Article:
Thursday, 6 September 2012

The further adventures of… Les Vampires (1915)

Irma Vep stows away...
When last I left Les Vampires it was roughly at the half way point, with a further twist in the already meandering plotline seeing a rival emerging to the criminal gang. Juan-José Moréno (Fernand Herrmann) is the Vampires’ equal in cunning but is perhaps less anarchistic and more purely driven by criminal greed.

Sometimes it feels as if Louis Feuillade’s ground-breaking series is being made up as he goes along  but that would hardly be unique. As the episodes pile up and the stories get longer, he succeeds in maintaining interest and in fleshing out the characters.

Satanus, Moréno and Irma plot...
The enemy keeps on  shifting as the Grand Vampire (Jean Aymé ) is despatched by Moréno only for the real head Vampire to be revealed as the aptly-named Satanus (Louis Leubas). He in turn is replaced by the chemical mastermind, Venomous (Frederik Moriss) as the Vampires prove able to re-generate themselves and the narrative.

The one constant is the presence of Irma Vep (Musidora) who is with us until the bitter end. Feuillade knew when he was on to a good thing and this prototypical femme fatale is the real heart of the criminal gang. She falls for Moreno and the two threaten a new off-shoot gang before they are captured and executed. But Irma just won’t lie down and with Satanus’ audatious help escapes from the ship taking her to confinement in Algiers and fights her way back to Paris.


I’m not sure if she was the first such “baddy” in film but she certainly was one of the earliest. She’s full of evil energy and seems totally ruthless in the pursuit of her aims, even fooling some railway staff into making a collection for her after spinning them a yarn of love betrayed.


The journalist Philippe Guérande (Édouard Mathé ) remains relentless in his own pursuit and as the story develops he and his family come under increasing threat. The Vampires are resourceful and very much the equal of the forces of good, every defeat brings another victory nearer for them.

Philippe becomes engaged to Jane (Louise Lagrange) and the Vampires plot to finish off his fiancé and poison his whole family. It’s only through good fortune that the guests are saved, albeit at the expense of the concierge’s life.

Augustine crosses Avenue Junot...
There are more superb exterior shots as the Vampires are chased across rooftops, in cars, on trains and on bikes! It remains a superb document of Paris a century past and mere miles away from the front line in the Great War.

Mazamette (Marcel Lévesque) continues to provide much light relief and his character is really fleshed out after he acquires a fortune in reward money following the arrest of an incidental fraudster. We meet his young son who is soon enlisted in helping to track down the Vampires (and armed with his own gun!). It’s quite a leap for the character who had been so easily blackmailed in the early episodes but the story is stronger for it – he’s a more engaging character than straight-ahead hero Philippe.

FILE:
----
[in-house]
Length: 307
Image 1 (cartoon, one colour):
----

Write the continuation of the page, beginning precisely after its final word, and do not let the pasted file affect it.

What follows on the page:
Augustine (Germaine Rouer) and Mazamette (Marcel Lévesque)
In the final episode, Jane, now Philppe’s wife, is kidnapped by the Vampires who also ensnare Augustine (Germaine Rouer), the concierge’s widow and Mazamette’s fancy (I lost track of where his wife had gone!). Philippe traces their car thanks to a hole Mazamette had blown in the petrol tank. He cases the joint and lowers his gun to Jane imprisoned in the cellar.

The pace really picks up as he prepares the ground for their rescue and, as the Vampires engage in an orgiastic celebration assured of their ultimate victory, the police arrive and slowly get into position…

To find out what happens I recommend you buy the box set. It’s pretty easy-going stuff and reminded me a lot of 1960’s ITC serials such as The Avengers and Department S. The criminals use gadgets – gas, portable mortar guns – they have hide-outs, diguises and are nearly always ahead of their opponents.

Mazamette thinks!
They’re also pretty good dancers and have an amoral spirit which almost makes you root for them: anti heroes don’t come much more charmingly camp than Irma Vep!

The acting is good and any over the top moments are redeemed by the tongues firmly in their cheeks: it’s not just Mazamette who has his knowing gaze to camera. This is meant to be escapist fun... it wasn't necessarily the time for serious drama.

The Vampires celebrate victory, but are they being premature...
These are the ideal films to use on the undercard before your main features and watched over time as a "series" rather than swallowed whole. I thoroughly enjoyed Les Vampires and as with all good box sets, wished there’d been one more story arc.

I watched the Artificial Eye DVD but the whole shebang is now available on Blu-Ray... tempting!

 

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